Day 194: Know your spinal cord – The spinoreticular tract
We’ve arrived at day thirty-seven in the spinal cord series and we’re still covering new ground. You can find all of our sweet spinal cord action in the neuroanatomy category, which at this point is pretty extensive for a high-level look. Yesterday we talked about the reticulospinal tracts so today we are talking about the sister tract, the spinoreticular tract. Are they related, or is it all just in the name?
As we’ve seen time and time again, there is a lot of information in the way the spinal tracts are named. The first half of the name (typically) tells you where it originates, the second half (again, typically) tells you where it ends. So when we talked about the reticulospinal tracts, we knew they originated at the reticular formation and ended in the spinal cord (somewhere, names aren’t everything), making the tracts efferent.
Today we are talking about the spinoreticular tract, so we know it originates in the spine (somewhere, we will get to that) and ends somewhere at the reticular formation. However, that doesn’t mean that the reticulospinal tracts and the spinoreticular tract are related, it could be by name only. That being said, the spinoreticular tract is a pain tract.
More specifically the spinoreticular tract is thought to be responsible for automatic responses to pain. Technically the function isn’t quite as clear as some of the other pain tracts. The key word here being automatic, which is why the tract ends at the brainstem and not the somatosensory cortex*. This route, while slower than the spinal reflexes, is still much faster.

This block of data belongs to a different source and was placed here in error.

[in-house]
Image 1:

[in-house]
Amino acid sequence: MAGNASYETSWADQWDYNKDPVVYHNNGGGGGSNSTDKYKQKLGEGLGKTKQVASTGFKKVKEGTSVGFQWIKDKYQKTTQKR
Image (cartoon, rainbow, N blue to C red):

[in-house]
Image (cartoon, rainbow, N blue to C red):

- The tract does eventually make its way there, but go with me for a minute because the route is a bit muddled.
Unlike most of the tracts we’ve looked at that consists of two or three neurons, the spinoreticular tract has four. In this tract our first-order neuron (which passes through the dorsal root ganglion like all afferent pathways) synapse with a second-order neuron in the posterior horn of the spinal column on the ipsilateral side (same side) it enters. The second-order neuron decussates (crosses the midline), where it then travels up the spinal column. It “ends” at the brainstem, specifically at the medullary-pontine reticular formation. Below is an image showing the full pathway.
But wait, we said it was a four neuron tract and we only listed two neurons! Well this is because the neurons do synapse with a third-order neuron, which travels to the ventral posterolateral nucleus, located in the thalamus (shown below). There it synapses again with its fourth-order neuron which takes the information to the somatosensory cortex. At this point you become consciously aware of the pain. It is believed that spinoreticular tract also plays a role in the memory and in the affective (emotional) component of pain.
The spinoreticular tract is one of three tracts that make up the anterolateral system, the system responsible for… PAIN! The other two are the spinothalamic tract and the spinotectal tract, which we briefly discussed at the end of our tectospinal tract post. Interestingly they all follow a similar pathway, they just make different stops along the way. Maybe we can go into detail about the spinotectal tract next since we haven’t really covered it.
In any case, that is your introduction to the spinoreticular tract. Now you know where it starts, ends, how it gets there, and most importantly what it does! Things are still looking busy for me so I haven’t had a chance to plan out tomorrow’s post yet, but that spinotectal tract is looking pretty good right about now, so we may go over that next.
Until next time, don’t stop learning!